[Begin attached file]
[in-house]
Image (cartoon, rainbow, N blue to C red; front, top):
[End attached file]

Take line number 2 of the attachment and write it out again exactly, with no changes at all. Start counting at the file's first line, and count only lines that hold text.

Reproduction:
Image (cartoon, rainbow, N blue to C red; front, top):